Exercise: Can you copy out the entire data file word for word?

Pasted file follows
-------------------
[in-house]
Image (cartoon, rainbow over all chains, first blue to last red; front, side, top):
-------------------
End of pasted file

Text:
[in-house]
Image (cartoon, rainbow over all chains, first blue to last red; front, side, top):